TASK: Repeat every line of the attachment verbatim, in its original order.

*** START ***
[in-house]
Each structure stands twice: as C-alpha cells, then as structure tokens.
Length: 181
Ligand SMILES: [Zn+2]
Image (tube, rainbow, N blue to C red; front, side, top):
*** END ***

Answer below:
[in-house]
Each structure stands twice: as C-alpha cells, then as structure tokens.
Length: 181
Ligand SMILES: [Zn+2]
Image (tube, rainbow, N blue to C red; front, side, top):